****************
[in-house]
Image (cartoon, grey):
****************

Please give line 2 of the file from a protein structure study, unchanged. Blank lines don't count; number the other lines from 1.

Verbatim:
Image (cartoon, grey):